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Re: [whatwg] Hide placeholder on input controls on focus

From: Markus Ernst <derernst@gmx.ch>
Date: Tue, 19 Mar 2013 10:16:08 +0100
Message-ID: <51482CD8.4090802@gmx.ch>
To: Glenn Maynard <glenn@zewt.org>
Cc: whatwg@lists.whatwg.org, Tim Streater <tim@clothears.org.uk>, Boris Zbarsky <bzbarsky@mit.edu>
Am 19.03.2013 00:44 schrieb Glenn Maynard:
> On Mon, Mar 18, 2013 at 12:51 PM, Markus Ernst <derernst@gmx.ch> wrote:
>
>> A reason for the behaviour of Firefox and Chrome may be that some user may
>> not have read the placeholder text before focusing the control. Anyway, if
>> this behavior lets some users think they can't even fill in the form, there
>> must be something wrong about it.
>>
>
> I've seen browsers (or maybe pages emulating placeholder in script) that
> hide the placeholder text while the input field is focused.  When the
> placeholders are labels for the inputs, it's incredibly annoying to have to
> focus something else in order to see the placeholder text.  If placeholders
> are meant to be useful and not just eyecandy, they need to remain visible
> until the user enters something.
>

The spec does clearly say: "The placeholder attribute should not be used 
as an alternative to a label."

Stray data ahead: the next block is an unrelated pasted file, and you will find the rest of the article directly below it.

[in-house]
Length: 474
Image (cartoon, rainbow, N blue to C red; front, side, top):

http://www.whatwg.org/specs/web-apps/current-work/multipage/common-input-element-attributes.html#the-placeholder-attribute

Thus, the use case you mention is an authoring mistake. I am sure that 
the spec should weigh possible confusion of unexperienced users higher 
than problems caused by authoring mistakes. (Also, misusing the 
placeholder as a label is potentially annoying once the value of the 
control is not the empty string anymore: As you can't even focus 
someting else in order to see the placeholder text, you will have to 
delete whatever you have typed before.)

Anyway, both your and my use cases may be worked around by an obvious 
visual distinction of the placeholder in focused fields. E.g. the 
placeholder text may be rendered almost transparent when the control has 
focus. There must be something that indicates an unexperienced user that 
(s)he can enter text now, which is not the case in the current 
implementations of Firefox and Chrome.

(I must admit I am surprised about this discussion. Huge efforts are 
made in HTML development to enhance accessibility by removing obstacles 
for various groups of users. I am reporting an obstacle. Of course the 
problem will lose weight once placeholders are commonly known, but it is 
still a source of confusion.)
Received on Tuesday, 19 March 2013 09:16:39 GMT

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